Information about Functional Analysis - Part 1

  • Title: Metric Space

  • Series: Functional Analysis

  • YouTube-Title: Functional Analysis 1 | Metric Space - How to Measure Distances?

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  • Timestamps 00:00 Introduction into functional analysis 01:49 Metric space (introduction) 02:25 Metric (definition) 03:20 Metric (definiteness) 03:36 Metric (symmetry) 04:07 Metric (triangle inequality) 05:31 Credits
  • Subtitle in English

    1 00:00:00,560 –> 00:00:03,200 Hello and welcome back to a new video.  

    2 00:00:03,200 –> 00:00:07,760 And as always I want to thank all the nice  people that support this channel on steady.  

    3 00:00:08,560 –> 00:00:14,480 The topic for today is functional analysis  because this is the one most of you voted for.  

    4 00:00:15,680 –> 00:00:20,800 Therefore now I have a whole serious planned to  get into the real interesting stuff concerning  

    5 00:00:20,800 –> 00:00:27,280 functional analysis. What you should know is  that functional analysis is a really wide field.  

    6 00:00:28,160 –> 00:00:32,720 However to get an idea what it is about  you can just look at these two blocks.  

    7 00:00:33,760 –> 00:00:39,120 On the one side you have the linear algebra and  on the other side you have the real or complex  

    8 00:00:39,120 –> 00:00:46,000 analysis. In a rough sense if you look at infinite  dimensional spaces in the linear algebra sense,  

    9 00:00:47,120 –> 00:00:52,960 and if you want to apply some analysis for these  spaces, then you are on the realm of functional  

    10 00:00:52,960 –> 00:00:59,840 analysis. Of course there’s much more to it but  if you have some knowledge in linear algebra and  

    11 00:00:59,840 –> 00:01:07,280 analysis now you know what to expect. For example  here we consider spaces consisting of functions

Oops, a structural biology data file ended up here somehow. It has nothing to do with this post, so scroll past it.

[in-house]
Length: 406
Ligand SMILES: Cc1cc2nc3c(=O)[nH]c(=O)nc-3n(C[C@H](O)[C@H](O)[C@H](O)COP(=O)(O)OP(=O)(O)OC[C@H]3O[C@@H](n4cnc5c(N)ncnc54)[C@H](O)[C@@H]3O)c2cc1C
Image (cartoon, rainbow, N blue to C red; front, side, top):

12 00:01:07,280 –> 00:01:12,880 or of sequences and of course also  linear maps between such spaces.  

    13 00:01:14,000 –> 00:01:19,280 Because in this field we always combine  algebraic structures with analytic properties,  

    14 00:01:19,280 –> 00:01:25,200 one often summarizes functional analysis just by  saying: it’s the study of topological algebraic  

    15 00:01:25,200 –> 00:01:32,560 structures. Don’t worry what this exactly means  we will clear up in the next videos. However what  

    16 00:01:32,560 –> 00:01:38,880 you should see here is that topology plays a role  here and indeed it’s not a bad idea to start with  

    17 00:01:38,880 –> 00:01:44,560 topology when dealing with functional analysis.  However that’s not what I want to do here  

    18 00:01:44,560 –> 00:01:50,080 because I want to start with something that  is closer to a normal analysis course. And  

    19 00:01:50,080 –> 00:01:57,440 that is the structure we call a metric space. A  so-called metric space is not at all complicated:  

    20 00:01:58,560 –> 00:02:06,720 we start with a set X and we visualize that as a  collection of points. For example, in the set X  

    21 00:02:06,720 –> 00:02:14,720 we have a lowercase point x, so just an element  in our set and another element we can call y.  

    22 00:02:16,160 –> 00:02:20,640 If we just consider a set, we can’t say  anything about these points other than:  

    23 00:02:20,640 –> 00:02:25,600 they are equal or not. So there are different  points but we don’t know anything more than that.